On the 9th of November they sighted land. On November 11 the 'Mayflower' anchored off today's Provincetown in the Bay of Cape Cod. The Pilgrim Fathers fell to their knees and thanked their God. But the shore was barren, it was cold and snow began to fall. They encountered Indians who were decidedly unfriendly. Led by Captain Miles Standish (right stamp), several reconnaissance forays were accomplished with the launch. Eventually, they found a place with fresh water brooks and land suitable to cultivate grain. On December15 the 'Mayflower' sailed to this place, which at that time already was called Plymouth.

Throughout the winter the passengers remained on board the 'Mayflower'. Here they suffered an outbreak of a contagious disease which has been described as a mixture of scurvy, pneumonia and tuberculosis. When it was over, there were only 53 persons still alive, half of the Pilgrims and half of the crew. Nevertheless in spring they built huts ashore and on March 21,1621, the surviving passengers left the 'Mayflower'.
Mayflower, landing2

landing scene
The ship was now supposed to return to England with cargo, but there was nothing the Pilgrim Fathers could have provided. So, on April 5 Captain Jones sailed back to England with an empty ship. The Pilgrims began to sow their grain and built themselves sturdier houses. They met a helpful, English-speaking Indian called Squanto. He taught them how to catch fish in the rivers and helped them with the cultivation of corn, with seeds he brought along by himself. In the fall the harvest was brought in. Squanto's native grain showed far better yields than the grains brought over from Europe. They celebrated a three-day-long harvest festival with additional friendly Indians.

On November 11, 1621, the ship 'Fortune' arrived at the colony with additional 35 settlers. There also was a letter of complaint from the ‘Mayflower’s financial backers regarding that ship’s return voyage without any cargo. The Pilgrim Fathers loaded the 'Fortune' with beaver furs and lumber and sent her back. But she had the bad fortune to get taken by a French man-of-war. US letter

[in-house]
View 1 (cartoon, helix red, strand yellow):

While still aboard the ‘Mayflower’, on November 21, 1620, the Pilgrims’ 41 adult male passengers had signed the 'Mayflower Compact' (see left stamp 'signing of the compact'), an agreement that bound the signers to majority rule government in the Pilgrim colony, pending receipt of a royal charter. The document represents a significant step in the development of democracy in America.

The journey of the Pilgrim Fathers was the prelude to ever increasing transatlantic immigration. 1630 saw the arrival of a fleet of 17 ships carrying Puritans to the 'New World'. And for the following 250 years, sailing ships acting as 'covered wagons of the Atlantic' undertook the largest migration of peoples in history. By the end of the 19th century approximately eleven million human beings had followed the Pilgrims across the Atlantic. The block at right shows their American settlement called the Plymouth Colony.

new Mayflower During 1955-56, a replica of the ‘Mayflower’ was built at Brixham, U.K. Designed by naval historian W.A. Baker, her specs are: hull length 105 ft, beam 25 ft, depth 12 ft, displacement 365 tons, six sails with 470 square meters surface area. In 1957, commanded by maritime author Captain Alan Villiers, 'Mayflower II' arrived at the Pilgrim Fathers’ Plymouth after an Atlantic crossing of 53 days (see cover). Following some short cruises along the U.S. East Coast, 'Mayflower II' found her final berth serving as a museum ship at Plymouth, Massachusetts.

© 1998 - 2003 Bjoern Moritz, all rights reserved.

  up - top
  next page
  menu page
  home, first page